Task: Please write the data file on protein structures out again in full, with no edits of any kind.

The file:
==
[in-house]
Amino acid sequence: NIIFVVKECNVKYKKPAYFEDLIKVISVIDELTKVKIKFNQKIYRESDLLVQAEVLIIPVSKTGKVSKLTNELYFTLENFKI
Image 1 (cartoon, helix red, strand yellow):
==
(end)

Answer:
[in-house]
Amino acid sequence: NIIFVVKECNVKYKKPAYFEDLIKVISVIDELTKVKIKFNQKIYRESDLLVQAEVLIIPVSKTGKVSKLTNELYFTLENFKI
Image 1 (cartoon, helix red, strand yellow):